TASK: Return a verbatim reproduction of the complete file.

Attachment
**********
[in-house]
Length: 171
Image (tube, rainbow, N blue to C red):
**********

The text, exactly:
[in-house]
Length: 171
Image (tube, rainbow, N blue to C red):